Common pickup configurations include:

Less frequently found configurations are:

Examples of rare configurations that only a few particular models use include:

Piezoelectric pickups


Piezoelectric pickup1.jpg
Piezoelectric pickup on a classical acoustic guitar
Peterman dual pickup.jpg
Dual pickup by Peterman in Australia
Piezo violin bridge.jpg
Piezoelectric violin bridge pickup

The piezoelectric pickup contains a piezo crystal, which converts the vibrations directly to a changing voltage.

Many semi-acoustic and acoustic guitars, and some electric guitars and basses, have been fitted with piezoelectric pickups instead of, or in addition to, magnetic pickups. These have a very different sound, and also have the advantage of not picking up any other magnetic fields, such as mains hum and feedback from monitoring loops. In hybrid guitars, this system allows switching between magnetic pickup and piezo sounds, or simultaneously blending the output. Solid bodied guitars with only a piezo pickup are known as silent guitars, which are usually used for practicing by acoustic guitarists. Piezo pickups can also be built into electric guitar bridges for conversion of existing instruments.

Most pickups for bowed string instruments, such as cello, violin, and double bass, are piezoelectric. These may be inlaid into the bridge, laid between the bridge feet and the top of the instrument, or, less frequently, wedged under a wing of the bridge. Some pickups are fastened to the top of the instrument with removable putty.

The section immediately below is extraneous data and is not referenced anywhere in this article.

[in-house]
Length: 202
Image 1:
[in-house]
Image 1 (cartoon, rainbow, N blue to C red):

Piezoelectric pickups have a very high output impedance and appear as a capacitance in series with a voltage source. They therefore often have an instrument-mounted buffer amplifier fitted to maximize frequency response.

The piezo pickup gives a very wide frequency range output compared to the magnetic types and can give large amplitude signals from the strings. For this reason, the buffer amplifier is often powered from relatively high voltage rails (about ±9 V) to avoid distortion due to clipping. A less linear preamp (like a single-FET amplifier) might be preferable due to softer clipping characteristics. [8] Such an amplifier starts to distort sooner, which makes the distortion less "buzzy" and less audible than a more linear, but less forgiving op-amp.[ citation needed ] However, at least one study [9] indicates that most people cannot tell the difference between FET and op-amp circuits in blind listening comparisons of electric instrument preamps, which correlates with results of formal studies of other types of audio devices. Sometimes, piezoelectric pickups are used in conjunction with magnetic types to give a wider range of available sounds.

For early pickup devices using the piezoelectric effect, see phonograph.

Other transducers